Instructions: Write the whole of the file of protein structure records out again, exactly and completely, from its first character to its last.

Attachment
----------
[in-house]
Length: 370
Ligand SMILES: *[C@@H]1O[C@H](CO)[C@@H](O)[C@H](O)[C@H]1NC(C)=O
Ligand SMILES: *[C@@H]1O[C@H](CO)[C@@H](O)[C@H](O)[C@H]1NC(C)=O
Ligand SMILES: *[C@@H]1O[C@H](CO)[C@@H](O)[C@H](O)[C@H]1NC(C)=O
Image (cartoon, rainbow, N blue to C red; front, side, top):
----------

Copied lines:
[in-house]
Length: 370
Ligand SMILES: *[C@@H]1O[C@H](CO)[C@@H](O)[C@H](O)[C@H]1NC(C)=O
Ligand SMILES: *[C@@H]1O[C@H](CO)[C@@H](O)[C@H](O)[C@H]1NC(C)=O
Ligand SMILES: *[C@@H]1O[C@H](CO)[C@@H](O)[C@H](O)[C@H]1NC(C)=O
Image (cartoon, rainbow, N blue to C red; front, side, top):